I have a clock in my house that has recently decided to run slow. I have been five minutes late leaving my house on a number of occasions because the clock is set five minutes behind. For me, this isn’t really a big deal. I can always set the clock back to what it should be. That would be the logical decision as to keep from arriving fashionably late to work or to other events right? Life, on the contrary, is much different. We are unable to reset the time we have lost, but rather it is what we do with the time we have left that makes all the difference.
This has got me thinking. As a man in my earlier thirties I realize I have at least fifty years left (more or less) to my life barring any traumatic diseases, or accidents, overtake me. That being said, the older I get the more I realize that the possibility of losing time is gaining traction.
The Psalmist says in Psalm 39:5 that he has made my days a mere handbreadth; the span of my years is as nothing before you. Everyone is but a breath, even those who seem secure.
We all want to do something spectacular with our lives; although, in the culture of today it is easy to fade away into obscurity. This idea made popular by the Netflix and Chill slogan. Don’t get me wrong I am a huge fan of a good movie night with the family, or an occasional binge watch of the TV show Hawaii 5-0; but, what does this do for the betterment of society.
Sure, this is permissible, pleasant, and enjoyable; but, how will this let me lead a spectacular, fulfilled, and extraordinary life. When the sum of my life is over what will show of it besides a non-descript grave marker which dates 1986 to whenever.
This leads me to another aspect of our losing time. Matthew wrote in his gospel of Jesus about the sum of our days. Matthew 24:36 says, that the day or hour no one knows. Not the angels. Not the son. The father alone knows. Life is a mere handbreadth and we don’t know how long we have from one side of the hand to the other. Neither do we know what kind of real impact we will have along the way.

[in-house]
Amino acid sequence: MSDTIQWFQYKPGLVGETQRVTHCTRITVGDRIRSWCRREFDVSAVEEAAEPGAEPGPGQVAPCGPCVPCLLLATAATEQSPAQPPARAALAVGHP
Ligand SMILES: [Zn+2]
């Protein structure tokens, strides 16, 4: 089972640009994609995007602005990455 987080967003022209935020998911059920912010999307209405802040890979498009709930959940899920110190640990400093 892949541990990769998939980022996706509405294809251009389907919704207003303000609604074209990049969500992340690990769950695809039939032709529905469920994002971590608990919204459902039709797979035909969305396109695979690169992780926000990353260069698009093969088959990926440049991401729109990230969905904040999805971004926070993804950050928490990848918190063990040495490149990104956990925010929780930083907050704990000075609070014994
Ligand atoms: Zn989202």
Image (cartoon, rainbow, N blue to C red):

One of the things that I often find myself asking at the end of the day is “where has the time gone”. I usually have some grand masterful plans that I would have liked to accomplish, but as the cliché says, “there are only so many hours in the day”.
When you are young you think that you are invincible. In this invincibility, we arrogantly say that my end of days is someday afar off, in reality, it is sooner than we imagine. We are merely blades of grass. When the sun rises its heat beats down on the grass it withers, fades, and perishes away.
In the words of Switchfoot “life is short, live it well“. Forget about your yesterday’s. They are nothing more than unnecessary unproductive wrinkle bearers. Make yourself a pact that from this day forward you will look toward the future, reach into the unknown, and make the best of your next moments however long you have.
Hold your children extra tight as you try teach them how to navigate this crazy very short thing called life. Teach them to be generous. That there is a neighbor that needs love. A world that is hurting, broken, and dying. There is a need that needs filling and YOU just might have the solution to the problem.
Peace, love, and Christ ‘cause you know He died for you.